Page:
After doctoring Galaxy Tab images for German court, Apple is once again in bad light after a dutch technology news site spotted doctored images within a filing in Netherlands court surrounding Samsung's Galaxy S smartphones.
This further supports claims by Bas Berghuis of Simmons and Simmons (Samsung's lawyer) that Apple has been "manipulating visual evidence, making Samsung's devices appear more similar to Apple's."
The Cupertino company is accusing Samsung of copying the iPhone's design in its line of smartphones, and is seeking an injunction.
"It surprises me that for the second time incorrect presentations of a Samsung product emerge in photographic evidence filed in litigation," said Mark Krul, lawyer and IP law specialist at Dutch firm WiseMen. "This is not appropriate and undermines Apple's credibility both inside and outside the court room."
Webwereld found that Apple had allegedly doctored the image of a Galaxy S smartphone by compressing it to make it the same height as the iPhone 3G, which Apple claims Samsung lifted the Galaxy S design from. By doing so, it also made the phone wider, which would further exaggerate the similarities.
Curiously enough, Apple does disclose in the filings that the Galaxy S has "slightly larger dimensions." However, for whatever reason it has decided not to show that in the graphical evidence.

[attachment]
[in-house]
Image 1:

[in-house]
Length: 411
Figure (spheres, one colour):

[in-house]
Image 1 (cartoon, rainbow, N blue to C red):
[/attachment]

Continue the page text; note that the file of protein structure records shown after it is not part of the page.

While the cases in Europe are receiving the majority of media attention, there are also lawsuits pending between the two companies here in the U.S. A report from EdibleApple outlines the case in which Samsung appears to be trying to stall, while Apple pushes for a mid 2012 trial for patent related claims filed by both companies.
"Seeking to obfuscate and delay Apple's claims, Samsung filed an Answer to the Complaint on June 30 and brought counterclaims based on twelve disparate patents that are unrelated to the subject matter of Apple's patents. These twelve patents, seven of which purportedly pertain to public wireless communications standards, raise numerous legal, factual, and technical issues that are completely unrelated to Apple's claims and should be severed and set for trial on a separate track. Samsung itself does not believe that its claims require quick resolution, because it -- unlike Apple -- has not moved for expedited relief."
Samsung's legal counsel has already complained to the Dutch courts about Apple's apparent image manipulation, but failed to produce any evidence of it. It now appears from the work of the tech media that the Korean manufacturer may have some anecdotal evidence that their fears are indeed true.